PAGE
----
When I admitted to the waitress that I did not like the pickled appetizer platter, she admitted that generally one needed to be drinking vodka with it.
The “Chicken Kiev” was the best I have had. It was light, moist, juicy, buttery, crunchy, and delicate.
I had heard about Bonci pizza for a long time. Was it worth the wait? And the weight? When I finally went, it was strategically on a cold Sunday morning. There was no line. Modern music blared. The guys were friendly. The pizza was heavy from the toppings but the bread itself is light and crunchy. A lot of the toppings are served cold. The combinations are modern and unique. Scrambled egg with spicy salami, ground chickpeas/garbanzos with artichokes, and many other combinations. I’m not sure I would go again or find it worth the hype.
It’s the new year and time for new fashions. The Italians are fashionable and this includes what type of food they eat. When not eating Italian food, they eat what is trendy.
A few years ago it was all about sushi. Last year, it was all about poke (but most of these places are not serving Hawaiian poke. They are serving stuff on a bowl of rice). My guess is that the next trend is the ever-loved-by-gringos: tex-mex. As I have mentioned before, wherever I go in the world, and no matter how yummy the food, someone will always ask me where they can find “Mexican food” and American Tex-Mex. I wrote about the top ten Mexican restaurants in Rome, back in 2020. Once I got to Rome, I asked my gringo friends and they told me which ones they recommended…
Pico’s,Vicolo della Renella 94, 00153 Rome Italy, in Trastevere has grown so much that they had to re-locate to a larger space further down the street. I like that this place has normal height tables. This restaurant was started by two Italian guys who had traveled to Mexico. Sometimes the cooks are American, Bangladeshi, Canadian, and Italian.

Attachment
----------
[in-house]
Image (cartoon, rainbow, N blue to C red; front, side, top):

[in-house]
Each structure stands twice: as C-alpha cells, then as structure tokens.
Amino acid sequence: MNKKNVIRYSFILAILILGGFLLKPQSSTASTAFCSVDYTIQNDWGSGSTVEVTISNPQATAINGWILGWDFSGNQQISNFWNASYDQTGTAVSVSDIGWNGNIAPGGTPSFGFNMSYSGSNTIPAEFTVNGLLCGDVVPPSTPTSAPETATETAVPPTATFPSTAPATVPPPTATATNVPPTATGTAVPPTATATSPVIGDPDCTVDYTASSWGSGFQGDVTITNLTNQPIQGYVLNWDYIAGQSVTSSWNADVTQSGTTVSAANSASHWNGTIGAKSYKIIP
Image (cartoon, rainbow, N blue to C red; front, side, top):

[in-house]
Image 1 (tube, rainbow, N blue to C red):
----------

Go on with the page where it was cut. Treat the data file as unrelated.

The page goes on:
Jalapeno, Via Aurelia 483 (on the outside of the Inerio Market) is located on the outskirts of Rome so it’s not so easy to get there but the good thing is that there is a small shop next door where they sell Mexican food items.
La Cucaracha, Via Mocenigo 10, Prati: Is highly recommended.
Lu’um Mexican Bistrot, Via Agri 20 in Parioli. The owner lived in Mexico for a long time. He and his family decided to open a Mexican place in 2021. I found the tortillas to be overcooked but otherwise things seemed good. Once in a while there was a bite of spice.
Tacos Kings, Via degli Esqui 56: Is a new Honduran restaurant but you can still get really good nachos (addictively good) and guacamole. Really good prices too. Their tacos have only meat inside because the meat is fully marinated so does not need sauce, or lettuce, or anything… It was perhaps cheeky of me to lead off a photo of non-Mexican tacos, but of all the ones I have tried in researching for this article, theirs were the tastiest.
Pulgarcito, Piazza Attilio 41, Garbatella: This place is a bit far out but if you want a pupusa, then this is the only Salvadoran restaurant in Rome. They also make tacos but those were not as good as their “pasteles” which are deep fried corn pasties/empanadas.